French Fries at Bar Boulud

Here’s an encouraging sign for New York’s hotel scene: As Lincoln Center continues to rebound with outdoor entertainment, patrons are literally spilling out to nearby restaurants that depend on the performing arts for their survival. Rosa Mexicano, Cafe Fiorello, and The Smith all displayed some serious outdoor crowds on a recent Friday, although a companion and I managed to snag one last table at Bar Boulud. It was not a particularly remarkable meal. We sampled some reasonably forgettable hummus and baba ganoush ($ 20), as well as a $ 27 overworked gourmet burger (angus beef, sundried tomatoes, raclette, pork belly) that seemed to blend in with generic blandness. But luckily for us this burger came with a bunch of fries. It was the type of bistro fries I had done without for much of their pandemic: thin, golden, slightly crispy on the outside, and soft on the inside. I spent about 30 minutes soaking them in mayonnaise and Tabasco while I sipped a Nolet gin martini. Fries and a strong drink are indeed an almost perfect way to spend a summer evening. 1900 Broadway, near Lincoln Plaza, Upper West Side – Ryan Sutton, chief critic

adobada tostada

Adobada tostada in Serrano Salsa.
Bao Ong / Eater

Adobada tostada in Serrano Salsa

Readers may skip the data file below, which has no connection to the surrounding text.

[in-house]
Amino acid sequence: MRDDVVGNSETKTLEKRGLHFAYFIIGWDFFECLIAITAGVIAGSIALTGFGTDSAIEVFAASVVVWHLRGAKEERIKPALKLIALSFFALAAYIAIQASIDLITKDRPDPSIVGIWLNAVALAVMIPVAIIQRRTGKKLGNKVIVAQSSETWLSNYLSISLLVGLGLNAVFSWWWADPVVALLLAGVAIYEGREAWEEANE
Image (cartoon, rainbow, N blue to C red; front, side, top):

It took me a few weeks since I moved to my new neighborhood, but I finally found that place where New Yorkers keep speed dial for take out or that reliable place you always pass on the metro path. Serrano Salsa ticked all the boxes: the neon-lit storefront offers affordable, quick, delicious, and hangover-friendly dishes. I stumbled across this Mexican restaurant in the early evening, hungry – not after a night of overdoing it, mind you – and my eyes quickly fell on the adobada tostada ($ 4.25). The generous fried tortilla was bursting with juicy, smoky chunks of al pastor, mashed refried beans, cream, several different salsas, and a handful of herbs. It was filling for a snack and an order of two could easily make a decent dinner. I had my take out order, but I was too hungry and ended up chopping the entire order on a nearby park bench. It was my kind of welcome moment in the neighborhood. 4979 Broadway, between West 211th and 212th Street, Inwood – Bao Ong, editor-in-chief

August 2nd